HSE to pay €30,000 to nurses over delay in publishing bullying claims report
‘Justice delayed is justice denied’ says Workplace Relations Commission officer
Shay Henry said that the final report into the bullying claims had not been published at the date of hearing into the cases and should now be published. Photograph: Alan Betson / The Irish Times
The HSE has been ordered to pay €30,000 in compensation to eight nurses over its failure to publish a report into their bullying claims – five-and-a-half years after the complaints were first lodged.
In the rulings by the Workplace Relations Commission (WRC), adjudication officer, Shay Henry stated the awards should be paid to compensate the nurses “for the stress caused by the undue delay in bringing the process to a conclusion”.
In the eight separate rulings, Mr Henry has ordered that two nurse managers who lodged complaints should receive €6,000 each from the HSE and a further six nurses should receive €3,000 each for the failure by the HSE to publish the report.
Mr Henry stated, “justice delayed is justice denied” and added that the latitude afforded to the person, a senior nurse manager against whom the complaints of bullying were made “was in my view excessive”.
Mr Henry said this “compounded the stress” for the eight nursing staff which earlier delays had caused.
He said that the final report into the bullying claims had not been published at the date of hearing into the cases and should now be published.
Referring to the person who is the subject of the complaints, Mr Henry stated: “Where one party is effectively frustrating the process through raising issues which cause continual delays, at some point there is an obligation on the employer to bring the matters to conclusion.”
The case initially involved 14 separate complaints against the HSE concerning the alleged bullying.
The eight nurses before the WRC were represented by the Irish Nurses and Midwives Organisation (INMO).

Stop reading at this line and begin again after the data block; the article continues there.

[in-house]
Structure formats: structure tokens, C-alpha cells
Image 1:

The INMO told the WRC that there is no doubt but a timeframe of five-and-a-half years without a final report issuing following the submission of serious complaints “is extraordinary and unacceptable”.
The INMO stated: “The latitude given by the respondent to the alleged perpetrator is equally extraordinary.” The INMO further argued that in giving the alleged perpetrator such latitude, the HSE neglected due care and fair procedure to the complainants who had an expectation that the HSE would uphold its own policy in dealing with their complaints.
The INMO stated that in addition, when the alleged perpetrator responded to the original complaints, the person in turn made serious allegations, against the complainants. The INMO claimed these complaints are vexatious.
The INMO claimed the HSE has acted contrary to all best practice and contrary to its own policies and procedures.
In response to the complaints, the HSE acknowledged that considerable time had elapsed since these complaints were first lodged.
The HSE told the WRC that this was due to the complexity of the complaints, which initially involved 14 different complainants and subsequently to a number of issues raised by the person against whom the complaints were made.
It stated: “These included an allegation of bullying against a member of the Investigation Team which had to be investigated before the investigation into the complaints made by the complainant in this case could be finalised.”